The Washington Post

Blue Duck Tavern adds pastry chef Naomi Gallego to its new menu

Listening to Sebastien Archambault talk up his latest menu, I’m tempted to cancel tonight’s reservation and book at Blue Duck Tavern instead.

One reason: Quail roasted in a wood-fired oven and served with a corn bread pudding, enriched with chopped livers and gilded with summer truffles. Another lure is seared diver scallops paired with pork belly, a Corsican-inspired main course made colorful and kicky with baby peppers and ravigote, the sharp French herb sauce. Does watermelon go with lardo? I can’t wait to taste the chef’s salad -- one of more than a dozen new dishes -- that combines the two at the Blue Duck Tavern.

But the sweetest change in the kitchen at the Park Hyatt hotel is the appointment of a new pastry chef. Naomi Gallego, 38, is a veteran who has whipped up desserts for the Four Seasons and the southern-themed Vidalia, and recently left the white-hot Le Diplomate to join Archambault’s team.

(Courtesy of Naomi Gallego) (Courtesy of Naomi Gallego)

“I met a lot of people for this job,” says her new boss. Over the course of multiple interviews and a tasting, however, “I fell in love with her spirit.” Blue Duck Tavern’s open pastry kitchen is a hive of activity in the morning, and also fragrant with butter and sugar as the day’s work unfolds. Archambault hopes Gallego, who supervises a staff of seven, can re-create the scene at night, and engage with diners as they pass by her finished displays on their way to dinner.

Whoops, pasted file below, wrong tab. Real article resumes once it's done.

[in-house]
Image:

Why would she leave one of the most popular restaurants in town? While Gallego says she departed Le Diplomate on good terms, giving her employer two months' notice, the French bistro theme limited what she could put on the dessert list. Further, “at a hotel, you can do something different every day,” from in-room amenities to wine dinners.

Among the desserts Gallego might swap out is the one that has made Blue Duck Tavern a dessert destination: the outsized apple pie that accounts for between 20 and 30 sales a day. Fans should know that the attraction won’t go away until after winter and only when she says she can answer “yes” to “can I make something that sells better?”


Weaned on a beige buffet a la “Fargo” in Minnesota, Tom Sietsema is the food critic for The Washington Post. This is his second tour of duty at the Post. Sietsema got his first taste in the ‘80s, when he was hired by his predecessor to answer phones, write some, and test the bulk of the Food section’s recipes. That’s how he learned to clean squid, bake colonial cakes and distinguish between nutmeg and mace.



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Fritz Hahn · July 30, 2013

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